Should Marijuana be Legalized for Medical Purposes?
Marijuana has been used extensively as a medical remedy for more than five thousand years. In the early 1900s, medical usage of marijuana began to decline with the advent of alternative drugs. Injectable opiates and synthetic drugs such as aspirin and barbiturates began to replace marijuana as the physician's drug of choice in the twentieth-century, as their results proved to be more consistent than the sometimes erratic effects of the hard-to-dose potencies of marijuana (Grinspoon). The Marijuana Tax Act of 1937 made cannabis so expensive to obtain that its usage as a medical remedy in the U.S. came to a halt. Although now illegal in the U.S., marijuana continues to be used for both medical and recreational purposes by many Americans. There are a variety of opinions both for and against the re-legalization of marijuana today. Perhaps the most controversial aspect of the legalization debate is whether marijuana should be legalized for medical purposes.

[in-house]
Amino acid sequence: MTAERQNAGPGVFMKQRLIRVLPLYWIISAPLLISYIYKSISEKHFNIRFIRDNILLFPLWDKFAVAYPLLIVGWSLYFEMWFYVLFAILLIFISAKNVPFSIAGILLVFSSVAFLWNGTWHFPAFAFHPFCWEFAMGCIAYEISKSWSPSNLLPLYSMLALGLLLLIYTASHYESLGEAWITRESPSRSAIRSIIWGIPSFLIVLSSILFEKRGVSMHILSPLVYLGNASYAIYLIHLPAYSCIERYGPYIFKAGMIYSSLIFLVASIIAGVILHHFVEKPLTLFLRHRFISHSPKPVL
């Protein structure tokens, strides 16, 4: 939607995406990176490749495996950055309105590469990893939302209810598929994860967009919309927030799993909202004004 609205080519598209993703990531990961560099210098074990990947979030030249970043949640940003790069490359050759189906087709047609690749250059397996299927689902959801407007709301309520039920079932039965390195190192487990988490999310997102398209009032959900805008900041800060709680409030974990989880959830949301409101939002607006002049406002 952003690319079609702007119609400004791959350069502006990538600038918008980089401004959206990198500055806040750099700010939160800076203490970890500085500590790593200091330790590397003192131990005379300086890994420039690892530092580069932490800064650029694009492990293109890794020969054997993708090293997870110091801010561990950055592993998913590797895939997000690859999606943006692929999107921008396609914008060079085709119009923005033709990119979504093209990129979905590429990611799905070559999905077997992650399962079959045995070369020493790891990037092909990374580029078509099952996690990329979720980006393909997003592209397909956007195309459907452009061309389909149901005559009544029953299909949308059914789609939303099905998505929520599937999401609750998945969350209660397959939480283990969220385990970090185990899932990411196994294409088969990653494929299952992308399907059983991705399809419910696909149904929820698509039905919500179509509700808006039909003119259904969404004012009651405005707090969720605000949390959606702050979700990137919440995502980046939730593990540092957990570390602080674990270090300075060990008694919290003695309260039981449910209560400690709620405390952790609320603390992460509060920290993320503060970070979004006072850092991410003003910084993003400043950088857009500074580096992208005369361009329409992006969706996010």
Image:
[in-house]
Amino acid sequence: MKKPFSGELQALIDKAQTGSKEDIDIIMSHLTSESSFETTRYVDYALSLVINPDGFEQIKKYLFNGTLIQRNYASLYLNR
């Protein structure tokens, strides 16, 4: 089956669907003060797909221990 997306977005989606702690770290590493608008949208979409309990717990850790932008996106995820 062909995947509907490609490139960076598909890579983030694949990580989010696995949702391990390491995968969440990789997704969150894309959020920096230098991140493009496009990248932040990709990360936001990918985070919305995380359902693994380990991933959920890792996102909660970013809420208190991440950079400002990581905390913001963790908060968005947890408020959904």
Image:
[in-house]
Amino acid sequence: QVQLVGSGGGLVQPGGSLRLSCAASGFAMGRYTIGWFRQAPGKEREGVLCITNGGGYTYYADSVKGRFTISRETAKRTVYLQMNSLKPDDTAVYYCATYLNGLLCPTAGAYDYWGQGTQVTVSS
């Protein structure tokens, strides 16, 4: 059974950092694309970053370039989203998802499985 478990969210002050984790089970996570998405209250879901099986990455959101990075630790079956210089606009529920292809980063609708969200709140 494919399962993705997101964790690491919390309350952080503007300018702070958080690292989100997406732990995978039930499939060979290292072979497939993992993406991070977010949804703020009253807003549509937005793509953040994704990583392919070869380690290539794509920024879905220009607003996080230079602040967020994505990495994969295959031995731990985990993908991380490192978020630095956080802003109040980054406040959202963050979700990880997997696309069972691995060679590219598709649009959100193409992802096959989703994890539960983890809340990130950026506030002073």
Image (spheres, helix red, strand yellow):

All drugs, both prescription and non-prescription, are federally 'Scheduled' by the DEA (Drug Enforcement Agency). A drug's scheduling under Federal law is determined "according to [its] effects, medical uses, and potential for abuse" (Claim V). In this classification system, marijuana is a Schedule I drug, grouped with heroin, LSD, hashish, methaqualone, and designer drugs. These are drugs having "unpredictable effects, and [causing] severe psychological or physical dependence, or death" (Claim V).
A closer analysis of the DEA's Federal Scheduling system reveals that, according to various studies by physicians on both sides of the legalization debate, marijuana does not meet the requirements of a Schedule I drug, but not those of Schedule II. The difference between the two classes is that Schedule I drugs may lead to death, while those on Schedule II are less likely to do so.